“…. housework is everything. It’s a ubiquitous physical demand that has hamstrung and silenced women for most of human history.”
Megan K Stack, Women’s Work, 2019
Per Capita welcomes the Senate’s initiative to inquire into the interaction of paid and unpaid work, especially the work of care, and its effects on workers, carers and recipients of care. This is an issue that affects all Australians, and consideration of how we might better balance the demands of paid labour with the needs of our families and loved ones is fundamental to creating a more equitable and just society.
This submission, which is largely drawn from Per Capita’s 2020 report Measure for Measure: Gender Equality in Australia, looks at the impact of unpaid labour and care through a gender lens. It is overwhelmingly women in heterosexual relationships with dependent children who undertake care and other unpaid domestic work in Australia, more so than in most comparable OECD nations.
Globally, women still undertake more than three-quarters of the world’s unpaid care work. The largest discrepancies between women’s and men’s rates of unpaid work are found in developing countries, but still in relatively egalitarian nations like Australia, women continue to shoulder a disproportionate amount of unpaid domestic labour and care, even when they are in the paid labour force.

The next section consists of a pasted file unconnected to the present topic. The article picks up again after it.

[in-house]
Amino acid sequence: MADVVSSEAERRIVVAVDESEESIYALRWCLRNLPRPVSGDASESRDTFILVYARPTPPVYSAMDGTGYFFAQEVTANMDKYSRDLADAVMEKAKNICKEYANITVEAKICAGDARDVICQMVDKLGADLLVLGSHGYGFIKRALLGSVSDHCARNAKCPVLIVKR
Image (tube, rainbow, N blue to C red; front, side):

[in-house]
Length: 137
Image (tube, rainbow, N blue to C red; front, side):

Women’s share of the paid labour force in Australia has increased from just over a third forty years ago, to almost half today. So, it would be natural to expect that the share of unpaid labour has seen a similar shift towards a more equitable distribution between men and women over the same time.
Unfortunately, this is not so.